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Invited Commentaries

The Importance of Being Earnest

El-Dalati, Sami MD; Cronin, Daniel MD

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doi: 10.1097/ACM.0000000000003372
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We nestled into our seats in the large auditorium, our box lunches resting precariously on our laps. Normally the opportunity for free lunch was the main draw to Grand Rounds, but today’s talk was going to be different. This morbidity and mortality conference (M&M) for the Department of Internal Medicine involved a patient with endocarditis, which was the focus of much of our research. The speaker began, outlining the pertinent information.

A 40-year-old man with a prosthetic aortic valve presented to the emergency department with several days of fevers and chills. He was admitted to the hospital and started on broad-spectrum antibiotics. Shortly thereafter his blood cultures were positive for methicillin-resistant Staphylococcus aureus. A transesophageal echocardiogram (TEE) was normal, yet suspicion remained high for endocarditis. At this point, things careened off course. Several days into the admission, the patient remained bacteremic. Cardiac surgery was consulted and recommended a CT of the chest. The images filled the screen in the auditorium; just behind the aortic valve lay a large fluid collection. It seemed clear to everyone in the room that, despite the negative TEE, the patient had a large abscess around his valve. We listened in disbelief as the case unfolded, and we heard the back-and-forth that played out in the electronic medical record between cardiac surgery and infectious diseases (ID). The surgeon was not sure this collection was infected and asked for a PET scan. When this returned consistent with infection, this still did not convince the surgeon, and they asked for an aspiration of the collection. The ID notes countered that there could be no other diagnosis other than endocarditis and that without an operation, this infection would almost certainly prove fatal. It was unclear whether the surgeon and ID consultant ever spoke directly to one another. As the chart war waged, our disbelief turned to horror. The patient languished until it was too late to save him. He arrested and passed away, an autopsy confirming what we all knew, that he had endocarditis. This young man lost his life as a victim of a broken system of communication that we had come to know all too well.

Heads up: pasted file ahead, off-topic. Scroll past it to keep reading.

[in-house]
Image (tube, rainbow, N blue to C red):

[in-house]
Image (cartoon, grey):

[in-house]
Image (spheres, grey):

Rewind 3 years. As interns we witnessed many puzzling aspects of the health care delivery process. We would often reflect that “there has to be a better way to do this.” In some cases, the answers seemed clear. Other problems loomed large without apparent solutions. One of the most striking examples of the latter was the care of patients with infectious endocarditis (IE). Each IE patient was admitted to an internal medicine service, typically cardiology, with coordination of their care left up to an intern. These cases were among the most complex in the hospital and often required ID, cardiac surgery, neurology, and neurosurgery consultations. Only rarely did the specialists communicate directly with one another despite the myriad diagnostic tests and frequently conflicting management recommendations. Each consult, each test, while often important, also takes time to complete and can, unintentionally, lead to delays in care. In highly morbid diseases such as IE, an extra day before diagnosis or surgery can dramatically increase the likelihood of a poor outcome. We came to this realization fairly early in our training and found the existing process of care quite frustrating. What surprised us, however, was that our senior residents, fellows, and attendings also recognized the inefficiencies but were resigned to their existence.